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USDA Funded Apartment Complex Not Just "Renovated" but "Innovated"

Aesthetically the change is obvious and pleasing, but what hides inside the walls and under the ground is what is making the big difference at Kachina Apartments in Casa Grande, Arizona.

The 96-unit senior complex recently underwent a major rehabilitation that not only renovated the individual units but took dramatic steps to reduce water usage and the carbon footprint as well.

The rehabilitation project was a joint effort using low-income housing tax credits, State Housing Funds (HOME), and USDA Rural Development’s multi-family housing program. General contractors for the project were Precision General Commercial Contractors, Inc.

A USDA Grant Gets the Home Lights Burning for an Elderly Navajo Nation Couple

Betty and Kee Acothley live miles off the beaten track in the former Bennett Freeze area on the Navajo Nation.

Kee once tended thousands of head of sheep at the remote sheep camp he and his wife Betty call home. Now, at 80, he keeps only around 70 head. He and Betty, 79, follow the sheep on foot every day, returning to their modest home before dusk.

New USDA Funded Arizona Fire Station Lowers Response Time and Improves Public Safety

Rain poured through the roof of the old Black Canyon, Arizona, fire station, making the floor slippery and rusting the tin that covered the roof. Nonetheless, the one ambulance and fire truck that would fit into the aging metal shed still faired better than the other five vehicles parked outside. Those vehicles were not only pelted by rain and hail, but Arizona’s scorching sun baked them during much of the year—rotting the tires, fading the paint, and drying out the parts and equipment. Parking the vehicles outside also meant that the theft risk was greater, which increased insurance rates.

Grant Makes Big Difference In Tribe’s Quest To Bring Nutritious Traditional Foods Back To The People

The Apache people were hunters and gatherers. Their food offered much variety…wild herbs, fruit, berries, wild game and pinto beans. They also relied on hunting, mainly wild turkeys, rabbits, deer, bears, and buffalo.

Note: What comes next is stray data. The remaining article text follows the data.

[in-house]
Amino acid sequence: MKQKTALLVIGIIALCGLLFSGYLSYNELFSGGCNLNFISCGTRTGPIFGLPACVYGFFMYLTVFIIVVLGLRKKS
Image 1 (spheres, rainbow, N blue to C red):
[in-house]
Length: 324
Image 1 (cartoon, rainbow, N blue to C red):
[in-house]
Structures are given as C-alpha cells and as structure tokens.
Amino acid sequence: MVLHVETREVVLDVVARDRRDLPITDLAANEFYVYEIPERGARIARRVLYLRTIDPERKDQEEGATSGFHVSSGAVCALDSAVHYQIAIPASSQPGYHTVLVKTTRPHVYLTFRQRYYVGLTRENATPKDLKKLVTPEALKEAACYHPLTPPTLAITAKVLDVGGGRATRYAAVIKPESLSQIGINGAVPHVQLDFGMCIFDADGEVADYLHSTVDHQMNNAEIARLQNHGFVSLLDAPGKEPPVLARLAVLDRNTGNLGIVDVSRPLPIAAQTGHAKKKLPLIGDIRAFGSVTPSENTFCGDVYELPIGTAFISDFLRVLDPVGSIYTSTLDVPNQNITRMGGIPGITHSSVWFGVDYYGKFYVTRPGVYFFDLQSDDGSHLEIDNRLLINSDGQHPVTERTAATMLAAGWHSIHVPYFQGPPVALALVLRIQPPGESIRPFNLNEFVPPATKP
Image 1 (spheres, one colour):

Once settled into villages, they began to grow their own food, primarily corn and squash. Corn, squash and beans—supplemented by the meat that the hunters provided—was a healthful combination.

In Arizona, families of the San Carlos Apache people settled on 2-3 acre plots, many near the San Carlos River which runs through the reservation. Here they grew the traditional Apache foods. But in the 1960s the Bureau of Indian Affairs (BIA), in order to provide additional housing, broke up those small 2-3 acre plots to make room for more homes.

With USDA Support, a Colorado Resident has a New Home

Owning a home in the same area where he built his business is a win-win for new homeowner Greg Kane.  In early June 2011, Kane purchased his studio condominium at Riverbend, Colorado,  through the help of US Bank Home Mortgage and the USDA Rural Development Guaranteed Rural Housing Loan Program.  Homeownership was the right answer for Kane’s housing dilemma.  Over the past four years as a renter he moved five times.  While his relationships with property owners had always been great, it seemed that something always came up. Twice the homes he was renting were sold and the new owners chose to use it as their primary residence.

Little Colorado Medical Center in Arizona Will Provide Improved Medical Services and Create Jobs

In the 14th century the Hisat’sinom people, ancestors of the Hopis, found themselves on the sandy slopes of a rich flood plain while on their migration north. This beautiful location in the Little Colorado River Valley was so compelling that the people stayed and established a community they called Homolovi—“Place of the Little Hills”.